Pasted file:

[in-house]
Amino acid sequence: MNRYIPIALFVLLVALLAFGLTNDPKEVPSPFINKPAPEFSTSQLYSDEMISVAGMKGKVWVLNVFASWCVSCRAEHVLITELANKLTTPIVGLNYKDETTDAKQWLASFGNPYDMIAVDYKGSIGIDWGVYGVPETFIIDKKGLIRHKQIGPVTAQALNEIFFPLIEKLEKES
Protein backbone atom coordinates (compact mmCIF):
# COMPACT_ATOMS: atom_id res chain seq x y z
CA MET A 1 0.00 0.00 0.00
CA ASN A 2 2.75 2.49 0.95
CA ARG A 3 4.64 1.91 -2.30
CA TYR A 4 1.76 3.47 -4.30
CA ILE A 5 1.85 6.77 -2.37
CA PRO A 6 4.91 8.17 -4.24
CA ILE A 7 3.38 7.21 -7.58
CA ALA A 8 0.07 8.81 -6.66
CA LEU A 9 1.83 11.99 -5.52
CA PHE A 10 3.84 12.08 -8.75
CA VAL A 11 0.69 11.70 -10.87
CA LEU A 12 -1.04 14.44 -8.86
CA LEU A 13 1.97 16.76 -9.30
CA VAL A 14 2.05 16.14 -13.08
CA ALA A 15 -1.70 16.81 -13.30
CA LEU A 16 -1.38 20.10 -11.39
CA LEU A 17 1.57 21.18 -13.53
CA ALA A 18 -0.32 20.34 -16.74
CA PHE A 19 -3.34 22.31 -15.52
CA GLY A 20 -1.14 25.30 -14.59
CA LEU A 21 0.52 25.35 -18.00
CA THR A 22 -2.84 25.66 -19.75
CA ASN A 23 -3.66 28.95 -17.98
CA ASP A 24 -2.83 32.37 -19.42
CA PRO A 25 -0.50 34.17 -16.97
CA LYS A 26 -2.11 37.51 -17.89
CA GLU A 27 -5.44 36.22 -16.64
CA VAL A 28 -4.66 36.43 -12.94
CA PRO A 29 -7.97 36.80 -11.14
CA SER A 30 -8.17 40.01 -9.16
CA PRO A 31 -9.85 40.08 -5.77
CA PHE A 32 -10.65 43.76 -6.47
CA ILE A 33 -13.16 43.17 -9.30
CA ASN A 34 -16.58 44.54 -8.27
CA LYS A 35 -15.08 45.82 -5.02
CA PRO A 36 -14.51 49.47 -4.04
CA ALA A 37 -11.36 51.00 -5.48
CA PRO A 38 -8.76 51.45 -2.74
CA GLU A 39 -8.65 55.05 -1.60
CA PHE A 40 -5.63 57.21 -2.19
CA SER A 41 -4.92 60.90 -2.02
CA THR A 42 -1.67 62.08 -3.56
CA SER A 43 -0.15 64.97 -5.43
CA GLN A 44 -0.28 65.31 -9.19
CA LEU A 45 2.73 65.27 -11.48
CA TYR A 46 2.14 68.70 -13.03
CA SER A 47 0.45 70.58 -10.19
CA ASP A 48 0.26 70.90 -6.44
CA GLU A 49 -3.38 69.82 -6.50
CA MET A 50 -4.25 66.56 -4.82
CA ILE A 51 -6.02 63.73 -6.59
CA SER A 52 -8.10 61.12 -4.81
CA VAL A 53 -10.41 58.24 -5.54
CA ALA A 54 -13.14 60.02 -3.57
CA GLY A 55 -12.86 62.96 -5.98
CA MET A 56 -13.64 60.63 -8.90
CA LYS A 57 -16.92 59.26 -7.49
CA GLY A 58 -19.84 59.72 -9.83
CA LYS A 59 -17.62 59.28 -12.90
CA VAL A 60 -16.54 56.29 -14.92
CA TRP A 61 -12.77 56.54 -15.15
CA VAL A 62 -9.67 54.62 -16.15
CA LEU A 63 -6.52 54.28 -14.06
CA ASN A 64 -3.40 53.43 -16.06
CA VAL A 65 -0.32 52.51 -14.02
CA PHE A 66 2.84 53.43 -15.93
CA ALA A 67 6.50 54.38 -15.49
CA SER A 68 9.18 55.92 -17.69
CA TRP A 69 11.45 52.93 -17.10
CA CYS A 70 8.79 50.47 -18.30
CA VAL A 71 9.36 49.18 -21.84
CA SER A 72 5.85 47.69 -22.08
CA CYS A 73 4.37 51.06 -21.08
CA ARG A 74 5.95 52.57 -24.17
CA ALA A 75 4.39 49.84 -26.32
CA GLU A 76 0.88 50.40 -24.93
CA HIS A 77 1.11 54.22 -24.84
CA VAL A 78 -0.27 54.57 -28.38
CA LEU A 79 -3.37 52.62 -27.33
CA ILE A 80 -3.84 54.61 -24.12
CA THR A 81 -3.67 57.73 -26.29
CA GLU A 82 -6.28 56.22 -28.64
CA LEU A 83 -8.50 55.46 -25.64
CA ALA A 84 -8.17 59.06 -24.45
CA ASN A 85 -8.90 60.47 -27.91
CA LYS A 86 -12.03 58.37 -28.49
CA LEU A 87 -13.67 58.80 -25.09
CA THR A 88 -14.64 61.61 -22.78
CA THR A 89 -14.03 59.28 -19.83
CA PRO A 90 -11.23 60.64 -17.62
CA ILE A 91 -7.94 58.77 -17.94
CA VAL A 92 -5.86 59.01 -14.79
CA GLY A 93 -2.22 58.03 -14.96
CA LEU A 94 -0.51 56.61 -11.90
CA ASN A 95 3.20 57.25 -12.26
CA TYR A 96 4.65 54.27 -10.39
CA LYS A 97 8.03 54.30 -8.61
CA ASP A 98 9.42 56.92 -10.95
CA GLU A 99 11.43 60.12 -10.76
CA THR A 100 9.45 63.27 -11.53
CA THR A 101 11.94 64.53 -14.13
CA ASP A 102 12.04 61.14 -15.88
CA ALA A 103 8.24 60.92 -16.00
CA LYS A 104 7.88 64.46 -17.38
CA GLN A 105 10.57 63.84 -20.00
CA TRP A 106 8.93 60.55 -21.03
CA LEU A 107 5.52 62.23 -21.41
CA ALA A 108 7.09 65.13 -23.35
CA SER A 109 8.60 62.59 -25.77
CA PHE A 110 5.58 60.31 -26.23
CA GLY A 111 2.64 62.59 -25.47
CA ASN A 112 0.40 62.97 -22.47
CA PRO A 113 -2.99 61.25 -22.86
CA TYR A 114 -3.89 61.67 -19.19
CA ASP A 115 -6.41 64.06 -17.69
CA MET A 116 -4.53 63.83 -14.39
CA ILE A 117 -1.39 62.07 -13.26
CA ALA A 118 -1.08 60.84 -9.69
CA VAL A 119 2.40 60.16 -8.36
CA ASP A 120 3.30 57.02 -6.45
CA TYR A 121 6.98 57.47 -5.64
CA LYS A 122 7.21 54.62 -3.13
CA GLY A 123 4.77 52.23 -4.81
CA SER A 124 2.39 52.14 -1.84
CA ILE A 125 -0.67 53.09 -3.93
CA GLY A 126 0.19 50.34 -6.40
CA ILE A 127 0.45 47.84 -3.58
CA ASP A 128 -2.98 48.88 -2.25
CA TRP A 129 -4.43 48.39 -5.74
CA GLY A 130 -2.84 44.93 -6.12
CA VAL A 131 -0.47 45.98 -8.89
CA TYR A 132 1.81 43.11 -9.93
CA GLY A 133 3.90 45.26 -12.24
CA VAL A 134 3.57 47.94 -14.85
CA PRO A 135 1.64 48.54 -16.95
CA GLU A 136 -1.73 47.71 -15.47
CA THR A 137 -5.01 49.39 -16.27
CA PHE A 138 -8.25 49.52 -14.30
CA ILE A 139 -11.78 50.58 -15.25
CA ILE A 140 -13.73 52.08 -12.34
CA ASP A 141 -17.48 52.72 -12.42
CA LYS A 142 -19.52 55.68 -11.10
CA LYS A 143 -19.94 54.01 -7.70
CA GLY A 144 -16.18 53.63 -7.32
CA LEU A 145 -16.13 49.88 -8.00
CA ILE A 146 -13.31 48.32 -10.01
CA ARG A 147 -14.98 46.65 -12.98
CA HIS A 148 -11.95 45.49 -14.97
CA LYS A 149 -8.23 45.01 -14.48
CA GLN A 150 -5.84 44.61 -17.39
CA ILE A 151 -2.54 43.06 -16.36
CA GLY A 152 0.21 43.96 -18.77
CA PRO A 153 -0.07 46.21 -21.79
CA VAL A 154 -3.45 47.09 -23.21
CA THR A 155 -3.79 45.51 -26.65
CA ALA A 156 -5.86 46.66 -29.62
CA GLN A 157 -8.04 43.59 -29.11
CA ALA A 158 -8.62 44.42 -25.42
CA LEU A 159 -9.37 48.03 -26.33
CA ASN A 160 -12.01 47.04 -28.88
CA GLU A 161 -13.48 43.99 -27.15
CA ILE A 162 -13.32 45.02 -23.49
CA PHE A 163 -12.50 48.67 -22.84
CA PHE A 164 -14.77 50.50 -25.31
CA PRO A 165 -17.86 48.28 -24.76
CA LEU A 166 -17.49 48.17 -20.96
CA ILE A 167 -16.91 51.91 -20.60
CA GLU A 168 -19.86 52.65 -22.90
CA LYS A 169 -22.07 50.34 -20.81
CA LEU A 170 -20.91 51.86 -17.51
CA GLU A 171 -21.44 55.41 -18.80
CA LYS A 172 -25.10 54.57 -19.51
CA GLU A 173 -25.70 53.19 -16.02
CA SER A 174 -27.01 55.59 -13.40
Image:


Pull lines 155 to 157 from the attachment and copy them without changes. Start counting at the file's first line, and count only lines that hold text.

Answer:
CA ILE A 151 -2.54 43.06 -16.36
CA GLY A 152 0.21 43.96 -18.77
CA PRO A 153 -0.07 46.21 -21.79